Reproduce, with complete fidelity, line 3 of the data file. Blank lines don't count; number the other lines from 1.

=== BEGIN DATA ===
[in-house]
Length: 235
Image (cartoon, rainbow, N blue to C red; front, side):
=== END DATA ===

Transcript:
Image (cartoon, rainbow, N blue to C red; front, side):